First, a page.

Today’s batch of burning questions, my smart answers, and the real deal:

Question: If Asheville is considering banning certain plastic bags, because they are harmful to the environment, why are some places, like the town of Black Mountain, requiring their use in garbage collection? The city’s collection service recently refused to empty my bag, leaving a note telling me to bag the contents. I’ve never used all the bags before, so this refusal signaled a recent policy change. If plastic bags are bad for the environment, then this policy makes no sense. Am I missing something?

My answer: Well clearly you are missing plastic bags. But I get your point.

True answer: Tausha Millwood, senior administrative assistant for public works and sanitation supervisor at Black Mountain, took charge of this one. She confirmed that the city requires all garbage to be bagged in kitchen-style bags for collection.

“That’s been the policy since we started our internal sanitation collection in October 2020,” Millwood said. “We don’t require people to use a certain style of cans. We don’t have city-issued cans and everyone is responsible for their own containers.”

In part, the bag requirement boils down to the actual physical labor involved in garbage collection.

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“Most residents don’t have canisters with the toter bars, so if the canister is full of loose trash, that means the slinger (there’s usually only one slinger on each truck) has to lift manually the canister to empty it,” Millwood said. , explaining that the city’s trucks don’t have automated arms to lift and empty all the trash cans.

Instead, the trucks have two “toter lifters” in the back that can pick up cans for dumping. But if the trash can is loose, sanitation workers may still have to remove it.

“After several hundred of these a day, it starts to wear out,” Millwood said. “Also, when emptying loose waste from cans, it increases the chances of loose waste falling/blowing out of the can onto the floor.”

Loose trash in a box that is knocked over will scatter everywhere. But if the garbage is bagged, it stays at least in one place, confined. Loose waste can also pose a safety risk to workers and others.

Millwood noted that the city of Asheville has the same policy regarding the preparation of garbage and the use of bags. Indeed, the city’s online sanitation page states: “Only bagged household waste may be placed in the roller containers”.

The City of Asheville is considering banning single-use plastic bags like the ones pictured here.  The Town of Black Mountain requires that trash for pick up be placed in larger kitchen type plastic bags.

As we noted in a September 13 news report, an Asheville City Council committee, amid calls to ban all single-use plastic bags in the city, “voted for a softer approach — a approach that would potentially eliminate the use of plastic bags for curbside waste collection and begin exploring an outright ban on plastic bags at retail outlets.”

The governance committee voted 3-0 to recommend “a phased approach to council to update the existing leaf collection ordinance and begin developing a new ordinance to target single-use plastic bags,” we said. -reported to us.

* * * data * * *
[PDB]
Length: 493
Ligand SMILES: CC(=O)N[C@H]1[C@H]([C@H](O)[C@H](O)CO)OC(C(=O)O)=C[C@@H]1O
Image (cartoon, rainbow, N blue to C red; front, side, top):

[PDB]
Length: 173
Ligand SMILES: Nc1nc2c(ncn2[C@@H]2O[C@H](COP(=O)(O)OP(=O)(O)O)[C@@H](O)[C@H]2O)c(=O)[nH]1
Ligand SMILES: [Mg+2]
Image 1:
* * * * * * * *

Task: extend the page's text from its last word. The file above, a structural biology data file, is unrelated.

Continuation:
As for the trash bags required, I can tell you that the town of Fletcher in northern Henderson County also requires trash to be in bags, and they get a little testy when you don’t, which is understandable.

While the city of Asheville in 2020 approved a plan for the so-called

Question: When will plans for the “Pit of Despair” on Haywood Street begin to be implemented? The plan called for a “park” and more in 2022. What’s going on with this project?

My answer: Look, the city’s only had this site for 20 years. Are you expecting a miracle? Meanwhile I can tell you they ignored my suggestion of a good old fashioned mountain swimming hole and fishing pond there.

True answer: The notorious pit sits across from Harrah’s Cherokee Center Asheville and St. Lawrence’s Basilica, a prime downtown location for, well, just about anything. At the turn of the century, the city flirted with the idea of ​​a hotel/convention center on the site, but that was abandoned.

In October 2020, the Asheville City Council approved a park plan “intended to transform struggling downtown land, though it’s unclear how the $13.2 million project would be constructed” , as we pointed out then. The 7-0 vote looked promising at the time, but still nothing has happened.

Former City Councilwoman Julie Mayfield, now a state senator, offered a pretty good summary after the 2020 vote.

“It’s no secret how difficult this site has been for our city throughout its history,” Mayfield said. “And people have literally won and lost elections because of it. So to be in this place is really good.”

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But she added that the site would be “very special when we figure out how to fund it and build it”.

That always seems to be the problem.

“The City of Asheville is developing new processes to assess city-owned land,” City of Asheville spokeswoman Kim Miller said via email this week. “Creating these revised processes should be a top priority for the next year.”

So what’s the overall result?

“We don’t have any specific updates on the schedule or any funding associated with 68 Haywood St. at this time,” Miller said.

I think that in 20 years, the city may have destroyed everything.

This is the opinion of John Boyle. To submit a question, contact him at 828-232-5847 or [email protected]